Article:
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Logo of nihpaAbout Author manuscriptsSubmit a manuscriptNIH Public Access; Author Manuscript; Accepted for publication in peer reviewed journal;
 
J Child Neurol. Author manuscript; available in PMC Apr 1, 2012.
Published in final edited form as:
PMCID: PMC3082578
NIHMSID: NIHMS285444
Levetiracetam for Treatment of Neonatal Seizures
Nicholas S. Abend, MD,1,2 Ana M. Gutierrez-Colina,1 Heather M. Monk, PharmD,3 Dennis J. Dlugos, MD, MSCE,1,2 and Robert R. Clancy, MD1,2
1 Division of Neurology, The Children's Hospital of Philadelphia, Philadelphia, PA, USA
2 Department of Neurology, The University of Pennsylvania School of Medicine, Philadelphia, PA, USA
3 Department of Pharmacy Services, The Children's Hospital of Philadelphia, Philadelphia, PA, USA
Author Contributions
NA wrote the first draft. All authors contributed to study design, data analysis, and manuscript preparation. HM participated in subject identification. NA and AG-C participated in data collection.
Corresponding Author: Nicholas S. Abend, MD, Division of Neurology, The Children's Hospital of Philadelphia, 34th Street and Civic Center Blvd, Philadelphia, PA 19104 ; abend/at/email.chop.edu
Neonatal seizures are often refractory to treatment with initial antiseizure medications. Consequently, clinicians turn to alternatives such as levetiracetam, despite the lack of published data regarding its safety, tolerability, or efficacy in the neonatal population. We report a retrospectively identified cohort of 23 neonates with electroencephalographically confirmed seizures who received levetiracetam. Levetiracetam was considered effective if administration was associated with a greater than 50% seizure reduction within 24 hours. Levetiracetam was initiated at a mean conceptional age of 41 weeks. The mean initial dose was 16 ± 6 mg/kg and the mean maximum dose was 45 ± 19 mg/kg/day. No respiratory or cardiovascular adverse effects were reported or detected. Levetiracetam was associated with a greater than 50% seizure reduction in 35% (8 of 23), including seizure termination in 7. Further study is warranted to determine optimal levetiracetam dosing in neonates and to compare efficacy with other antiseizure medications.
Keywords: neonatal seizures, status epilepticus, levetiracetam, anticonvulsant
Neonatal seizures occur in 1 per 1000 births1 and may adversely impact neurodevelopmental outcome.2 No class A evidence-based guidelines currently exist for the pharmacologic treatment of neonatal seizures,3-5 and management is highly varied.6 Phenobarbital is the most commonly administered antiseizure medication in the neonatal period,6,7 but results in complete termination of electroencephalographically confirmed seizures in less than half of patients when used as a first line medication.8 Other first line medications such as phenytoin and the benzodiazepines are also incompletely efficacious, prompting clinicians to utilize a variety of other antiseizure medication with minimal supporting evidence of safety, tolerability, and efficacy in neonates.9-13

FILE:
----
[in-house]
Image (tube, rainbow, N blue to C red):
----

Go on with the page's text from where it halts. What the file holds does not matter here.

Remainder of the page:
Levetiracetam is an antiepileptic drug frequently used in chronic epilepsy management and is approved by the US Food and Drug Administration (FDA) in children older than 4 years. It may also have a role in the management of acute symptomatic seizures and status epilepticus in older pediatric9,10,13-19 and adult20-25 populations. Randomized controlled trials have not evaluated the use of levetiracetam in critically ill pediatric patients, including neonates, but levetiracetam is commonly used off-label for neonatal seizures.26 Levetiracetam can easily be administered to neonates because of the oral solution and intravenous formulations. Furthermore, it has little serum protein binding, is not hepatically metabolized, creates no drug-to-drug interactions, and levetiracetam has few known serious adverse side effects, in contrast to other antiseizure medications, which may cause cardiopulmonary depression, arrhythmia, and coagulopathy. These features suggest that levetiracetam could be safe and efficacious in treating neonatal seizures, but neonatal data are needed. We describe the safety, tolerability, and efficacy of levetiracetam in a retrospective cohort of consecutive neonates with electroencephalographically confirmed seizures.
This is a retrospective cohort study of consecutive neonates with electrographically confirmed seizures who received intravenous levetiracetam for electro-clinical or electrographic-only (subclinical or nonconvulsive) seizures in the Newborn Infant Intensive Care Unit of The Children's Hospital of Philadelphia during a 1-year period (October 2008-October 2009).
Neonates who received levetiracetam were identified by a search of the electronic pharmacy database. Clinical data were obtained from review of electronic hospital records and rereview of electroencephalographic recordings. Data gathered include the following: (1) patient demographics (pregnancy and birth history, gestational age, postnatal age, and neonatal seizure etiology); (2) current medical issues (including neurologic and medical conditions, cardiorespiratory status, and renal function); (3) seizure types (for those with electroclinical seizures); (4) electrographic seizure duration; and (5) antiseizure medication administration including the sequence of drugs, timing, dosing, duration of therapy, and relationship to encephalographic seizure reduction. Per our clinical practice protocol, all neonates with seizures undergo continuous cardiopulmonary monitoring and long-term video-encephalographic monitoring, usually continuing for 24 hours after seizure cessation.
Neonates received initial intravenous levetiracetam bolus doses of 10 to 20 mg/kg. In the absence of strong safety data in neonates at the time levetiracetam was introduced to the Neonatal Intensive Care Unit of The Children's Hospital of Philadelphia, this loading dose was chosen by an institutional drug use evaluation committee based on standard outpatient starting doses. After initial loading, levetiracetam was administered twice per day. Current manufacturer recommendations state that the medication should be diluted in 100 mL of diluent; however, administration of this large volume may be impractical in neonates and concentrations as high as 50 mg/mL have been well tolerated in the pediatric population.27 All bolus and maintenance doses were diluted with normal saline to a concentration of 20 mg/mL. The exact volume depended on the dosing (mg/kg) and patient weight. For example, a 4-kg neonate administered 15 mg/kg would receive a 3 ml bolus. Boluses were administered over 15 minutes. Serum levels of levetiracetam were not obtained in most patients.